Sportswear company Puma has accused retailer Forever 21 of infringing its design patents, trade dress and copyright.  

Puma filed its suit at the US District Court for the Central District of California on Friday, March 31.

According to the suit (pdf), music artist Rihanna, who has acted as the women’s creative director for Puma clothing and footwear, served as ambassador for the company’s Fenty label.

In 2015, Puma developed and launched the Creeper trainer under the brand name Fenty Puma by Rihanna.

“The overall design of the shoe, including suede uppers, and a thick rubber outer sole consisting of ridged tooling and grainy texture renders the ‘Creeper’ visually distinguishable,” the suit said.

In April last year, Puma launched the Fur Slide sandal, which is a slip-on shoe featuring a “plush fur” side strap with a satin foam backing.

The Bow Slide was launched in March this year. It is a slip-on shoe which incorporates a knotted satin bow on top of the side strap, in addition to satin foam backing.

Forever 21 has “blatantly copied” these shoes through its product Yoki Sneakers, according to the suit.

The Creeper is protected by US patent number D774,288 and all the shoes are protected by trade dress, the claim said.

The Fenty shoes are also protected by copyright, the elements of which include “the ridged vertical tooling and grainy texture encompassing the thick rubber outer sole”, according to the suit.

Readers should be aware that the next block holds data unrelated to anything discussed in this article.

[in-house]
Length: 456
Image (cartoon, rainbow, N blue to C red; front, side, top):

Puma asked for an injunction against Forever 21, profits, statutory damages, triple damages, costs, pre- and post- judgment interests, and attorneys’ fees.

In March, WIPR reported that Forever 21 sued Adidas and accused the company of taking protection of its ‘three-stripe’ trademark too far.

Forever 21 claimed that it had “fallen victim” to Adidas’s “threats” and that, most recently in a letter dated February 24, Adidas’s counsel threatened to sue Forever 21 over its use of stripes on six items of clothing.

The fashion retailer sought a judgment declaring that it had not infringed Adidas’s trademark and that the stripes on the goods are ornamental and do not serve a source-identifying function.

A spokesperson for Forever 21 told WIPR: "As company policy, we are unable to comment on pending litigation."

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